But the point which we now need to consider is the fact that it is not necessary for the natural man to have in his heart the work of the Holy Spirit which changes his nature in order to have some regard for virtue and good order in society.

He is a rational and moral creature. He remains such even after the fall. He did not become a beast or a devil. He still possesses a mind and a will. His mind and will are wholly corrupted and incapable of doing anything aright. But he still has such a mind and such a will.

Because he possesses and continues to possess his rational and moral nature, he is also capable of seeing and understanding that order in society is far preferable to chaos. He can understand that it is better for himself, his wife, and his children if murderers are locked up rather than permitted to roam the streets. It does not take a work of the Holy Spirit to show him that it is preferable to have traffic lights in busy cities and policemen to see to it that everyone stops when the light is red than to have everyone flying around without any laws governing his conduct behind the wheel of his automobile. If there is no speed limit enforced by government agencies and no traffic lights to control traffic, he would almost certainly be in an accident before long and he would never make it to work on time. Why does the Holy Spirit have to give him this knowledge by restraining sin in his heart? Any man can see that.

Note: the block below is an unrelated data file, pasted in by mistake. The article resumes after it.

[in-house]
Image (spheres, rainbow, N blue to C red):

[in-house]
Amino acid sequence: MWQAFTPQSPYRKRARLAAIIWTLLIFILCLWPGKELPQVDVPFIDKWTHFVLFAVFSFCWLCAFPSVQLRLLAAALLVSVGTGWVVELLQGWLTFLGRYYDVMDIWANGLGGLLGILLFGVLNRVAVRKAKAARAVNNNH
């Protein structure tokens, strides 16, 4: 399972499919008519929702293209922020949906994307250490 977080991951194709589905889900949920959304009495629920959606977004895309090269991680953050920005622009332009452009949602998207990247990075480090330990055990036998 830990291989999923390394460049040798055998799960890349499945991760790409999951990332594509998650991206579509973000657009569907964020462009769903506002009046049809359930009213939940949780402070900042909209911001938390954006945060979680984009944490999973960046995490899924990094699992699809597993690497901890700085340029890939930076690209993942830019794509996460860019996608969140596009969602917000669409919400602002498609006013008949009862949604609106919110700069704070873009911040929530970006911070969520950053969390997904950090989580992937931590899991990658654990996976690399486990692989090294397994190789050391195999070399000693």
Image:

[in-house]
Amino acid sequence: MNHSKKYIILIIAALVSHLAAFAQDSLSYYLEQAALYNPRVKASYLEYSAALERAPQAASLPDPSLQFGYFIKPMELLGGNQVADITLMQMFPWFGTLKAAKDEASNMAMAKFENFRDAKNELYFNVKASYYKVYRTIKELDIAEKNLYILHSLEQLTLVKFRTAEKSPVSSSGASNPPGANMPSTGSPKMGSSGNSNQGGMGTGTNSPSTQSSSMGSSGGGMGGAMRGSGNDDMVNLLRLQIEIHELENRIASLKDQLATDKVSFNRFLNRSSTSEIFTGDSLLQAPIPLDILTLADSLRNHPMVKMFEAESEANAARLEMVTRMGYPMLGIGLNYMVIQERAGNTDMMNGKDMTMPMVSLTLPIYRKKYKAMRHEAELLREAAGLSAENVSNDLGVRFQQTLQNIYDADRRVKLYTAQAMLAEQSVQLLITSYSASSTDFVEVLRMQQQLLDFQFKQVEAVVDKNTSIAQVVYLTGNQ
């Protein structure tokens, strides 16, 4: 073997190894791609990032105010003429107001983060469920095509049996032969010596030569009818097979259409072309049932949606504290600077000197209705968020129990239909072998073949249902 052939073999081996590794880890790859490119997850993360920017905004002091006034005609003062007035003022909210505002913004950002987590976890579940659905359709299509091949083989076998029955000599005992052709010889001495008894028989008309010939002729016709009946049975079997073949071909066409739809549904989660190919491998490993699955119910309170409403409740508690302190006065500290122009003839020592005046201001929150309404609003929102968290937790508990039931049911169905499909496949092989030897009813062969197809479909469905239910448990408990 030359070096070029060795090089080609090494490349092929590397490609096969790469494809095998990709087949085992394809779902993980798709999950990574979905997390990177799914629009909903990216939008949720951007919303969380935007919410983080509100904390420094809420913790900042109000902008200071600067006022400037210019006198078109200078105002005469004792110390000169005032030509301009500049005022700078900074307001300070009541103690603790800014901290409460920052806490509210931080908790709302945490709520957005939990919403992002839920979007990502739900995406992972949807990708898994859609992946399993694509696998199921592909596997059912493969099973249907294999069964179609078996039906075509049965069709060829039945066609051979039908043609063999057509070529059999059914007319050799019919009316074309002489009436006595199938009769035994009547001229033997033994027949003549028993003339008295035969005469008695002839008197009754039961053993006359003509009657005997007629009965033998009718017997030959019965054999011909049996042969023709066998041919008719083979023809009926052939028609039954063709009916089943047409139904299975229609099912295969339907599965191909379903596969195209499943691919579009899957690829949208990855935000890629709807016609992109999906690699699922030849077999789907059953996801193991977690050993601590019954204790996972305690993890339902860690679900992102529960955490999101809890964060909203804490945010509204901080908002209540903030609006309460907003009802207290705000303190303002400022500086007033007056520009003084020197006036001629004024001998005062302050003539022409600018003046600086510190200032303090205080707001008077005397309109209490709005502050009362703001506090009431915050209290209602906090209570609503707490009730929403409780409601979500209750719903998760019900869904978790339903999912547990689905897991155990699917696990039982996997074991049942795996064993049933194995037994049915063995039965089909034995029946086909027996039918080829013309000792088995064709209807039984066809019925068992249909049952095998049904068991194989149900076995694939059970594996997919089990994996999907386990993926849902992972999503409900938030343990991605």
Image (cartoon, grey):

In other words, a man will surely see that his own life in the world and, in large measure, his own comfort in the world are dependent upon government. In fact, as law and order continue to break down in our society, a man can see that even a dictatorship is preferable to a democracy if a democracy no longer seems capable of maintaining law and order. And that is precisely what will presently happen in our society. The liberals who are intent on maintaining society by pleading for the rights of everyone but the law-abiding citizen will soon learn that they are destroying democracy and paving the way for a dictatorship in which no one will have any rights. But no rights in a safe society is preferable to all kinds of rights in a society where I may be robbed or shot in the next fifteen minutes. There is no need for a gracious operation of the Holy Spirit to understand that. Even a totally depraved man can see that an orderly society is better for his pursuit of sin and will enable him to enjoy sin more fully than if he is a prisoner in his own house.